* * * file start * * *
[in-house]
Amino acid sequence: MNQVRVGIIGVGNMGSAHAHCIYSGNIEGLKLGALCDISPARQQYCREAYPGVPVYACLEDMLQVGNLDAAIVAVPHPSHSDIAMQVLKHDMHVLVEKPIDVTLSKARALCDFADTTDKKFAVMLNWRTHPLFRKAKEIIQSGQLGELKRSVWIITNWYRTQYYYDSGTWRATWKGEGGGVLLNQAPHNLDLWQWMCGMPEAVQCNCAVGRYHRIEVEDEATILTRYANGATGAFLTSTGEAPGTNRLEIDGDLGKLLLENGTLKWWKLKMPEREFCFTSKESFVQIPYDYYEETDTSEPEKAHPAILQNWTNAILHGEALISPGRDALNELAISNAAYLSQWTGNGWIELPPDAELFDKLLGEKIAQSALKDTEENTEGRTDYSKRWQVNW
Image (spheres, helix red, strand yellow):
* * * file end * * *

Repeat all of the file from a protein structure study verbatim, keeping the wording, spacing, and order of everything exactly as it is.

[in-house]
Amino acid sequence: MNQVRVGIIGVGNMGSAHAHCIYSGNIEGLKLGALCDISPARQQYCREAYPGVPVYACLEDMLQVGNLDAAIVAVPHPSHSDIAMQVLKHDMHVLVEKPIDVTLSKARALCDFADTTDKKFAVMLNWRTHPLFRKAKEIIQSGQLGELKRSVWIITNWYRTQYYYDSGTWRATWKGEGGGVLLNQAPHNLDLWQWMCGMPEAVQCNCAVGRYHRIEVEDEATILTRYANGATGAFLTSTGEAPGTNRLEIDGDLGKLLLENGTLKWWKLKMPEREFCFTSKESFVQIPYDYYEETDTSEPEKAHPAILQNWTNAILHGEALISPGRDALNELAISNAAYLSQWTGNGWIELPPDAELFDKLLGEKIAQSALKDTEENTEGRTDYSKRWQVNW
Image (spheres, helix red, strand yellow):